Not your average city suburb
Trip Start Sep 29, 2012
27Trip End Jul 01, 2013
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The pyramids lie south of the city, but are still only about half an hour out of town. With the luxury of time, we've held off going to see them so far. But now with a week of holiday encompassing Eid festival and half term, we set off early in the morning towards Giza.
The hopes I'd pinned on The Rough Guide in the bumpy metro carriage to help me get my head around what I was about to see don't quite make it. Watching the huge forms rise up behind the suburban tower blocks and grafitied walls, you realise you're staring at something so far removed from any of us, it's as alien a history to the arabs - and was as alien a history to the romans even - as it is to us!
To avoid rattling off the observations a billion visitors and guidebooks have already made, my pictures will show what I liked about the pyramids if you happen to be interested
We pile into a minibus to head back into town. Minibuses (there are no big buses as we know them) serve as something between a taxi and a bus, except less reliable than either and waaay cheaper than both. With the slide doors open all the way and the back row of seats taken out by an excessive sound system, this is one of the most fun ways to travel. Sitting with our feet dangling out the sides of the bus (regularly having to withdraw quickly as vehicles swerve into us), we bop to the guy's blaring music as the pyramids disappear into the distance and the hectic traffic of Cairo takes over.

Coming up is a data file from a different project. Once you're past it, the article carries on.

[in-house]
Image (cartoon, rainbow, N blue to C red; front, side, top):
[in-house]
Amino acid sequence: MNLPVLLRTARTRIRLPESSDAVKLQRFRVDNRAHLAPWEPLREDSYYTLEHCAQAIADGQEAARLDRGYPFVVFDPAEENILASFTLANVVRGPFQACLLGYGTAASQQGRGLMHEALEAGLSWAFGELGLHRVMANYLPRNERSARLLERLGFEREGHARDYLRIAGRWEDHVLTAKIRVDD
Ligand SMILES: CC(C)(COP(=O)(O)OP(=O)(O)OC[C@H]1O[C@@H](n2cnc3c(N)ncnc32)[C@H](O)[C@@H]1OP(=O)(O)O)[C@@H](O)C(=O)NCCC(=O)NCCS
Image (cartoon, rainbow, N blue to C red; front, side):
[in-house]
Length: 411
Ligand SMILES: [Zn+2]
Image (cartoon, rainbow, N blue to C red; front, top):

As our next class in egyptian generosity, a taxi arrives at our flat in the evening to drive us across the city to another suburb - but this one the opposite side of the city to the pyramids, Heliopolis (where I arrived and played basketball on my first night in Cairo), where our friend Ahmed's family are hosting us for dinner.
Ahmed lives with his widowed mother, two beautiful younger sisters, and grandmother in an ornately decorated apartment full of lace, laquered oriental paintings and embroidered Quranic caligraphy. The 6 of us plus another englishman Ahmed befriended a few years ago make an odd company, graciously hosted at the table by the family who have laid out a spectacular feast of traditional food for our benefit. We're barley allowed to pause for breath before we've tried everything there is, being urged to try something else or have more everytime our plates begin to look slightely less full. When our hosts are satisfied that we really cannot eat any more, (most of us were into the danger zone) we take a tour of Heliopolis disctrict, ending the night sitting on the lawns outside President Mursi's residence.